The other line of cases, however, declares if a party to a settlement agreement breaches and the breach goes to an essential element of the compromise agreement and in effect amounts to a refusal to perform or an abandonment, the other party may elect to regard the agreement as rescinded and proceed on the original cause of action, or may sue on the agreement for the breach. See, e.g., Berry v. Oak Park Hospital, 256 Ill. App. 3d 11, 19, 628 N.E.2d 1159, 1165, 195 Ill. Dec. 695 (1993). When the citations for this proposition are traced back, the rule seems to have been derived by implication from Trapkus v. Edstrom's, Inc., 140 Ill. App. 3d 720, 725, 489 N.E.2d 340, 345, 95 Ill. Dec. 119 (1986). Trapkus did not involve a settlement agreement, but the court there stated the general rule a contract may be rescinded where a material breach has occurred. One other case also concluded breach of a settlement agreement allows the aggrieved party to elect to sue under either the settlement agreement or the original contract, but that case cited as support cases from other jurisdictions only. Hopkins v. Holt, 194 Ill. App. 3d 788, 796-97, 551 N.E.2d 400, 406, 141 Ill. Dec. 407 (1990).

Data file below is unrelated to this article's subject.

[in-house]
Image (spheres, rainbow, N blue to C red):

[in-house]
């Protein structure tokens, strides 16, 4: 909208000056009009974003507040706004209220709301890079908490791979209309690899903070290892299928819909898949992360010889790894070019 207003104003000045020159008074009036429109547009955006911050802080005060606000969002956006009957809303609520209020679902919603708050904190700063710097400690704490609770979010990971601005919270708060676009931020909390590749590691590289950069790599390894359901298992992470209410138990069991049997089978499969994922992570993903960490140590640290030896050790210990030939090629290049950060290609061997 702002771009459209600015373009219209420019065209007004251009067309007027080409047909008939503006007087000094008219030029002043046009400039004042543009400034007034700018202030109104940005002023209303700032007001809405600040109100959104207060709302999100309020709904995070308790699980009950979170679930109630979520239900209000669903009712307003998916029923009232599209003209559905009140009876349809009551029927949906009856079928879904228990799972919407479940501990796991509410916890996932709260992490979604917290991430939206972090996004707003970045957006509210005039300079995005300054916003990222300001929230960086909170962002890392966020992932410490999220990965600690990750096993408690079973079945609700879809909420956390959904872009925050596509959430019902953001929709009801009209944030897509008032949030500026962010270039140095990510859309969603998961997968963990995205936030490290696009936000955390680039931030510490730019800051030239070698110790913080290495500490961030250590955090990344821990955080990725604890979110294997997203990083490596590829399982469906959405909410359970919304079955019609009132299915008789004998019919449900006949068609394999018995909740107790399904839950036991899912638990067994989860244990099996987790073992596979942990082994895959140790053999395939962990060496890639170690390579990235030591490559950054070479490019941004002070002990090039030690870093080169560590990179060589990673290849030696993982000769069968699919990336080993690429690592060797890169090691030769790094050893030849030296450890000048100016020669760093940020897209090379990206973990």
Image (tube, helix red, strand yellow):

Here, Kuntz asserts the trial court should have dismissed Kruse's complaint because his claim on the auction sale contract was barred by the "settlement agreement." Kruse responds he had the option of electing to proceed on either the settlement agreement" or the auction sale contract. Each party cites only to that line of cases supporting its position. We could join with one line of cases over the other, but we believe that is unnecessary. A reviewing court is not bound by reasons given by the trial court for its judgment, and a trial court judgment may be affirmed upon any ground warranted in the record regardless whether it was relied on by the trial court. Material Service Corp. v. Department of Revenue, 98 Ill. 2d 382, 457 N.E.2d 9, 75 Ill. Dec. 219 (1983).

Here, what the parties each refer to as the "settlement agreement" appears to be no such thing. The untitled typed ...